In life, if an obstacle stands in our way when we achieve our goal, we overcome it at the cost of extra effort. For example, in our "speech analogy", imagine we enter a building; so we have to put on our mask against Covid 19. Attenuation appears in the acoustic feedback path (the mask acts as the diode in the OP's circuit) and we unconsciously begin increasing the level of our voice to compensate for this disturbance. This costs us extra effort.

3. Highly disturbed follower. Now change the polarity of the input voltage Vin = -1 V. The op-amp output voltage becomes negative and the diode is cut off. The negative feedback is broken and the circuit output voltage Vout becomes zero. Now a negative voltage difference appears between the op-amp inputs. The op-amp senses it and begins changing its output voltage (Y) below ground with the hope that it will zero the difference. In an effort to do so, it drops its output voltage lower and lower... but the difference does not change... and the output voltage finally reaches the voltage V- of the negative supply rail.

Fig. 3. Highly disturbed follower

In life, when obstacles are too great, they become insurmountable... and we expend all our energy to overcome them... but fail. In our "speech analogy", imagine we enter the Covid ward of the hospital. We are afraid of the infection and put on another very thick mask. But it completely stops our voice and we do not hear our own voice (no acoustic feedback). We start talking louder and louder... and finally we begin screaming.

I suggest you visit the laboratory exercises of my students from group 64b and 66a where you will see other interesting experiments with this diode circuit.

If you still have a Flash player, you can also visit the Flash movie Strange Things can be Put into Feedback Loop that I dedicated to Tom Hayes and his Student Manual for the Art of Electronics. Click on the diode symbol in the library on the left.

• I'm trying to understand, how does it transition from a slightly disturbed follower to a highly disturbed follower whenever it senses the negative voltage. I mean the op-amps output voltage becomes negative, but so does Vout (perhaps, becomes even more negative) I can't figure out what's wrong with this. Commented Jan 22, 2021 at 10:00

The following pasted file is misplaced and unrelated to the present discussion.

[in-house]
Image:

• @Essam, Thanks for the attention to my answer. I was going to write an answer to your question but I was pretty busy finishing the semester. OK, let's begin considering the problem here. From my experience I have understood a simple though paradoxical truth: to really understand op-amp circuits with negative feedback, you have to think of the op-amp not as an amplifier but rather as an integrator (something slow-acting as a human being); if you think of it as a fast proportional device (Vout = K.Vin), you will never understand op-amp circuits because you will revolve in a vicious circle... Commented Jan 22, 2021 at 11:02
• @Essam ... So, the best way to understand what the op-amp does is to put yourself in its place. For example, conduct such a mental experiment - change the voltage of a variable voltage source VA (immitating the op-amp output) until the voltage Vout after the diode becomes equal to Vin (you can compare the voltages by connecting a sensitive voltmeter between them). Then let's explain, thinking in this intuitive way, what the op-amp does... (to be continued...) Commented Jan 22, 2021 at 11:36
• @Essam, Let's first consider the positive input half wave. The input voltage Vin begins increasing above zero. The op-amp "senses" this positive disbalance and since its job is to keep it zero, it begins increasing its output voltage VA. Until Vin < 0.7 V, the diode does not conduct and the voltage at the non-inverting input does not "move"; so, the op-amp continues increasing VA with its maximum rate of change. When Vin approaches 0.7 V, the diode begins conducting and V(+) begins "moving" up... until it becomes (almost) equal to V(-)... and the equilibrium is restored... Commented Jan 22, 2021 at 16:13
• @Essam, As you know, a voltage drop about 0.7 V is lost across the diode and the op-amp has to overcome this "small disturbance" by increasing its output voltage with additional 0.7 V. You can think of the diode as of a 0.7 V "battery" connected in series and contrary to VA. That is why, VA will be "lifted" with 0.7 V above Vin until the diode is forward biased... and, as a result, Vout = Vin... Commented Jan 22, 2021 at 20:35